Oncoproteins and protein-protein interactions involved in therapeutic resistance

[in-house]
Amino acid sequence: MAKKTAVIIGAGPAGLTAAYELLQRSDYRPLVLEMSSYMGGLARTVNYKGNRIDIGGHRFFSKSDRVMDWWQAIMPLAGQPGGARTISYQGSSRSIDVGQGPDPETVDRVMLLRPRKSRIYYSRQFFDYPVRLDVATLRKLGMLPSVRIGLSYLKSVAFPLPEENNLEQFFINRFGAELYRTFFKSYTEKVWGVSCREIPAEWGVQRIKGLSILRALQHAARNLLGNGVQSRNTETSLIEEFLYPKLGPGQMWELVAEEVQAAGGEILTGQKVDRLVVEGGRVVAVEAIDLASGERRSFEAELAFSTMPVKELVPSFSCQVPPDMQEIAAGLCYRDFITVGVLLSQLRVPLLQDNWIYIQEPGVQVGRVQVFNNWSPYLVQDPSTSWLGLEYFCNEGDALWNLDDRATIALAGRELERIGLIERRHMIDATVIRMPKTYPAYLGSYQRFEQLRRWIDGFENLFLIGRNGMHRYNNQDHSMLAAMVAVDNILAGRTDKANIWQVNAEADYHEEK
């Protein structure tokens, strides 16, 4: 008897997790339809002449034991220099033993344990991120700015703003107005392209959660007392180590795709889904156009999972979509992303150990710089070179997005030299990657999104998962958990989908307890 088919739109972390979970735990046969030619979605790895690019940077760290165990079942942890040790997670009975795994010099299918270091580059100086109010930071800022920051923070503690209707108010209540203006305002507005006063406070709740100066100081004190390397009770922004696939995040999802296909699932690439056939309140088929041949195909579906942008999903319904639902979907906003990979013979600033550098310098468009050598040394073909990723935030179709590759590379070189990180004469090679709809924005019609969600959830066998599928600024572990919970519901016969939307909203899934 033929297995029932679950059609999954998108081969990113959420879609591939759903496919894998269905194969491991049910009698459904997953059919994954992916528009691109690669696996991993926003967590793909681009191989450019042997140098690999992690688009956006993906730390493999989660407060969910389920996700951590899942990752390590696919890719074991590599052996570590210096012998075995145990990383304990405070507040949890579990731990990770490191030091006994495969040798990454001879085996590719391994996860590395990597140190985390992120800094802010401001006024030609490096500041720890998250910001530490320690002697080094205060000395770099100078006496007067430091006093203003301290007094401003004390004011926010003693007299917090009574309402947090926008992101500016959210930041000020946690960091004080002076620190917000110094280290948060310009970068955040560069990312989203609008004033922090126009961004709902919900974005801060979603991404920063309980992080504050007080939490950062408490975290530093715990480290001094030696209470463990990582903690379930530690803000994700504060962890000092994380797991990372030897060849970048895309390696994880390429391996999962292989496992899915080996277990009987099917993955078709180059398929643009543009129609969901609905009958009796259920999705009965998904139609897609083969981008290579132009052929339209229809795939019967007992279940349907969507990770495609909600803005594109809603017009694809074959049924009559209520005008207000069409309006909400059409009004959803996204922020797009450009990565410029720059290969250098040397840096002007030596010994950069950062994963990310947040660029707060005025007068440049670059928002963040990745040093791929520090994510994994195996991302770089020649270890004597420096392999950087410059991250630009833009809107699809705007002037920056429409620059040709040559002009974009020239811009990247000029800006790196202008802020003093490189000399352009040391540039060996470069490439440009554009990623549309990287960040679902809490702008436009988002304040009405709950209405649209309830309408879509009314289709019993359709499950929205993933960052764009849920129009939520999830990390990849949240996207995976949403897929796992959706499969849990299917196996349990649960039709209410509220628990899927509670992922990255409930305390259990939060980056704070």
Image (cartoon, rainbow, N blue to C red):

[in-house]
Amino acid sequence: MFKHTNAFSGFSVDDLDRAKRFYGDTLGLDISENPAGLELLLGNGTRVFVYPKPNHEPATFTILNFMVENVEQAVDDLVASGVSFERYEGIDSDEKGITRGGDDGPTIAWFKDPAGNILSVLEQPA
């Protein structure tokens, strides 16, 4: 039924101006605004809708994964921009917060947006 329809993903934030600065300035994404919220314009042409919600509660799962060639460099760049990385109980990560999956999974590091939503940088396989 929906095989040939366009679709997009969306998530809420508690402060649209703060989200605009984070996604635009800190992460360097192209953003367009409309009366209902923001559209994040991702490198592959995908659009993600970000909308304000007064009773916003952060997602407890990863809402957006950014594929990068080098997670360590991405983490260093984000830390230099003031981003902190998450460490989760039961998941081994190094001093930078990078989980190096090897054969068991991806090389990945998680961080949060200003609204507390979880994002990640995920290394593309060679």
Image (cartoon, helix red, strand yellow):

In response to anti-cancer therapies, signalling pathways can be activated and induce cancer cell resistance to these treatments. These pathways are generally regulated by oncoproteins and protein-protein interactions. Our project consists in determining the molecular mechanisms controlling resistance in pancreatic tumours, by identifying and inhibiting targets such as (onco)proteins and/or protein-protein interactions. To this end, we are developing innovative methods and tools based on intracellular antibody technology. These antibodies are derived from the variable domain of camelid single heavy chain immunoglobulins and are called “nanobodies”. They specifically bind to their target and can thus block their function(s) in cells. It is also possible to functionalise these antibodies with effector molecules. For example, intracellular antibody degraders are fused to an E3 ubiquitin ligase to induce the specific degradation of their target. Using these technologies, we inhibit mediators of signalling pathways “à la carte” to define their role in pancreatic cancer cell resistance.